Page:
This will be the fifth Christmas that Mary has had to share with dementia. The first Christmas was the one where she couldn't remember whether she had bought enough snacks for everyone and ended up with six family packs of peanuts. Then she forgot to turn the oven on, so dinner was four hours late...
You are stuck in a busy, noisy, unfamiliar building. You are unsure of where you are or even what time of year it is. All the corridors look the same. You find it hard to judge how far away the floor is. You can't remember where the toilets are. You can't remember why you're here. You feel a rising sense of panic as you search for clues to where you are, and even who you are.
My mum doesn't know who I am. Sadly, I don't mean that in a spiritual, angsty kind of way - she literally has no idea who I am. Sometimes I'm one of her sisters. Sometimes I'm a nurse. Sometimes I'm her dead mother. Once I was Shirley Bassey, which made for an interesting evening.
Last week, the social care watchdog, the Care Quality Commission, agreed to publish guidance for the public and care home providers on the use of overt and covert surveillance in care homes.
They don't tell you about the friends she's had for years who gradually stop coming to visit because they 'hate seeing her like that'. I'm pretty sure she hates being 'like that' too, but she could really do with a friend. They'll all be at her funeral though, because that's what friends are for, isn't it?
This potentially fatal condition occurs when the arteries that supply the heart muscle with oxygen become narrowed by a build-up of fatty material potentially leading to blood clots and fatal heart attacks. Risk factors include things like smoking, poor diet and lack of exercise.
Perhaps the cruelest aspect of Alzheimer's is that it robs families of their loved ones before they are truly gone. Loss of memories and physical abilities frustrates patients and pains family. Every health professional who works with Alzheimer's looks forward to the day when patients can be told there is a cure.
Right at the beginning of Jerome K Jerome's masterpiece "Three men in a boat," the hero picks up a medical dictionary and discovers that he has the symptoms of every disease mentioned with the exception of housemaid's knee. The prescription he is given surprises him. After beer, steak, exercise and early bedtimes, it ends with the words "and don't stuff up your head with things you don't understand."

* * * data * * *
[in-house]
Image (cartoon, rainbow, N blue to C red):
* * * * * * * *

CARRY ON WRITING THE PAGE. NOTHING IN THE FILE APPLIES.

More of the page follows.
Ever walk into a room and forget why you went in there? You are not alone. Research from Bupa has identified that two thirds of adults (63%) admit to suffering embarrassing or annoying 'memory blots' three or more times a week.
The new figures show more than twice as many people in the UK have dementia before the age of 65 than was thought. It's estimated 42,000 people have young onset dementia (also called early onset dementia) - including thousands of cases among those in their 40s, and more than 700 cases among those in their 30s.
It had never occurred to me that I could affect my brain through food or drink until I suffered really serious brain fog, a term that has been used rather loosely to define that muddled feeling, which causes us to act out of character, sometimes rather zanily, forgetting little things (the keys) and sometimes big things (where the car is parked).
I was thirteen and three-quarters at the time. And although kissing somebody was on my bucket list, Great Auntie Maud looked nothing like a) Andrew Ridgeley from Wham, b) John Taylor, the bass guitarist from Duran Duran, or c) Stephen Jones from Form 3C, who were the usual objects of my kissing fantasies.
It's Autumn, well and truly. Equinox fell the weekend before last. Autumn is always new year in my heart. Not for me the arbitrariness of a new year in January when the Northern Hemisphere is in darkness. Rather, Autumn, when the air is full of life and death, possibilities and change. That's my new year.
I am always immensely uncomfortable when anyone tries to put a monetary value on dementia, purely because I know that there is so much more to calculating the 'cost' of dementia than could ever be accurately represented by the use of pound signs. The emotional, all-encompassing, life-changing (and life-shortening) effects of dementia reach far and wide into every family affected.
A staggering fact: if a person dies at 80 with Alzheimer's, the disease may have started in their brain at age 45. Fascinating and frightening as this fact may be, it shows that there's no stronger incentive than to improve your health as you move through the middle years of your life.
This week's report published by the Alzheimer's Society has highlighted the growing number of people living with dementia and the impact of dementia on their lives and the lives of their families.